It’s possible you already have some of the top sterile processing technician skills and qualities. Many skills in this career path are taught, but not all. This makes it a great career opportunity for a lot of people! A sterile processing technician is an important member of a pre-operative team. They are a team that works “behind the scenes.” Patients might not interact with them. But their work is vitally important to a patient having a successful surgery.
Before we get into the work they do, let’s start with some of the key skills of a sterile processing technician. People who might be good at this work are those with:
- A passion for organization: Do you enjoy a good spring cleaning? Do you have a system and everything in its place (for the most part)?
- Dexterity and physical stamina: Does working with your hands excite you? Do you prefer to be on your feet over in a desk job?
- Attention to detail: Do you like completing a checklist or step-by-step process? Do you like to be thorough? The work of a sterile processing technician is not one for cutting corners.
- Clean habits: Do you feel good after a cleaning routine? Do you enjoy cleaning (or at least some of the tasks required for cleaning)?
- Stress management: Even if you’re not perfect at this, if it is something you want to learn, you might make a good sterile processing technician.
There are other skills of a sterile processing technician that you will need to learn through formal training. Some employers hiring to fill sterile processing technician jobs want you to complete a certification or associate degree.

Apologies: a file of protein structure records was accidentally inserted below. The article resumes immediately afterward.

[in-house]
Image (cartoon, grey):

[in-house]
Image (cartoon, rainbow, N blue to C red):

Sterile processing skills you can learn in training
While the surgeons, surgical assistants, and registered nurses prepare a patient for surgery, a sterile processing technician prepares the tools and instruments that may be used in operating room. This includes sterilizing and disinfecting equipment as well as organizing instruments. No surgeon wants to get to the operating room to discover they do not have what they need! A sterile processing technician may also be in charge of organizing and preparing trays to make sure they are adequate for the procedure ahead.
As you can see, the work of a sterile processing technician can vary! Reading a job description closely is the best way to get an idea of the work involved in a position you might be interested in. No matter how you are involved in the process, a sterile processing technician’s skill must include attention to detail and cleanliness. You will need to be prepared to encounter and stick to strict protocols for processing equipment, sanitation procedures, to ensure patient care and safety.
There are lots of important pieces of equipment at work before, during, and after surgery. A sterile processing technician’s role is key to success. Before a patient is wheeled into the operating room, a group of sterile processing technicians have already been working behind the scenes. They will make sure tools and instruments have been cleaned, and disinfected — which is quite important. This is a way to make sure strict infection control protocols are followed to ensure patient safety.